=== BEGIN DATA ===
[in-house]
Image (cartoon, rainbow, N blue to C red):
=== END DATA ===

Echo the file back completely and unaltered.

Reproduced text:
[in-house]
Image (cartoon, rainbow, N blue to C red):